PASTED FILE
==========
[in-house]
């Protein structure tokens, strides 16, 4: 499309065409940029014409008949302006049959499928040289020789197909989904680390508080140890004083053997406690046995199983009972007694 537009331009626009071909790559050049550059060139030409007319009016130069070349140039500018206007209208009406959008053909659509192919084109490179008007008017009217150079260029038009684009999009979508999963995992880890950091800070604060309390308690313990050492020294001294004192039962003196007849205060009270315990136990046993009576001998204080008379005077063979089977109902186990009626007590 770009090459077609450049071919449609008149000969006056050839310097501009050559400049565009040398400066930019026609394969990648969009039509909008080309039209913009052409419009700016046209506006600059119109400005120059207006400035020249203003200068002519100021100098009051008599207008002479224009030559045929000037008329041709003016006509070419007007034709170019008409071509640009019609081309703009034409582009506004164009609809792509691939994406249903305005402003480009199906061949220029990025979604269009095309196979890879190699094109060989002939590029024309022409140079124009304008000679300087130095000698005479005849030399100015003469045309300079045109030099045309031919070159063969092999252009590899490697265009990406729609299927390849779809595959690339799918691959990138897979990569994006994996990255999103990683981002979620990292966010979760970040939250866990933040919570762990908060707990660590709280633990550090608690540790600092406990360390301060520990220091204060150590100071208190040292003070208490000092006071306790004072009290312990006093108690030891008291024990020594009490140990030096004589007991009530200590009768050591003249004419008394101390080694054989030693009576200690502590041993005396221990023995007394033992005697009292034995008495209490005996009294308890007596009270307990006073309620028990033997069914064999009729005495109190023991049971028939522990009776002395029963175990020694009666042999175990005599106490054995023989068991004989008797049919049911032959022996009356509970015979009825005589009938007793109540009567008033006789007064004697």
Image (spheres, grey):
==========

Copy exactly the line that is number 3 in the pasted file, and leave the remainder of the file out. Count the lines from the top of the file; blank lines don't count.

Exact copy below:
Image (spheres, grey):